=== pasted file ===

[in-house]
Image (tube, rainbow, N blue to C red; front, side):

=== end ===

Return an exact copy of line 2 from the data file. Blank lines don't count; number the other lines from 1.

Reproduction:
Image (tube, rainbow, N blue to C red; front, side):